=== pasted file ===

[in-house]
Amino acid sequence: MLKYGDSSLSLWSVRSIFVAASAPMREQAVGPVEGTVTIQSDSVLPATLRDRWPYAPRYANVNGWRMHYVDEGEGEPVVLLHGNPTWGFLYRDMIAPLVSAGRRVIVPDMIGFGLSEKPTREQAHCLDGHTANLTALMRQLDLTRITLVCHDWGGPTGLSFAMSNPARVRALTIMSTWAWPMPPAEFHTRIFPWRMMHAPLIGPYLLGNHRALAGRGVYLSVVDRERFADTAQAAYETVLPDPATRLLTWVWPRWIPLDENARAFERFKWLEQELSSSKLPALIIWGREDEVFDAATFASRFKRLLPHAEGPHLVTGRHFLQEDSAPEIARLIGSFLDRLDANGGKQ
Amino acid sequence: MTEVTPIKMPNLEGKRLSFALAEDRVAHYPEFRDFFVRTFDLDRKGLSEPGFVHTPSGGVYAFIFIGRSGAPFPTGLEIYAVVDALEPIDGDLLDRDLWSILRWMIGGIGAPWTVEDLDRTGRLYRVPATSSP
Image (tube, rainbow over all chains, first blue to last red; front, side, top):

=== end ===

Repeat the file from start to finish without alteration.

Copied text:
[in-house]
Amino acid sequence: MLKYGDSSLSLWSVRSIFVAASAPMREQAVGPVEGTVTIQSDSVLPATLRDRWPYAPRYANVNGWRMHYVDEGEGEPVVLLHGNPTWGFLYRDMIAPLVSAGRRVIVPDMIGFGLSEKPTREQAHCLDGHTANLTALMRQLDLTRITLVCHDWGGPTGLSFAMSNPARVRALTIMSTWAWPMPPAEFHTRIFPWRMMHAPLIGPYLLGNHRALAGRGVYLSVVDRERFADTAQAAYETVLPDPATRLLTWVWPRWIPLDENARAFERFKWLEQELSSSKLPALIIWGREDEVFDAATFASRFKRLLPHAEGPHLVTGRHFLQEDSAPEIARLIGSFLDRLDANGGKQ
Amino acid sequence: MTEVTPIKMPNLEGKRLSFALAEDRVAHYPEFRDFFVRTFDLDRKGLSEPGFVHTPSGGVYAFIFIGRSGAPFPTGLEIYAVVDALEPIDGDLLDRDLWSILRWMIGGIGAPWTVEDLDRTGRLYRVPATSSP
Image (tube, rainbow over all chains, first blue to last red; front, side, top):